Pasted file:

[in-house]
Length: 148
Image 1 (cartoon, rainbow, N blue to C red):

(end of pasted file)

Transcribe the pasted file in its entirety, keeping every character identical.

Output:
[in-house]
Length: 148
Image 1 (cartoon, rainbow, N blue to C red):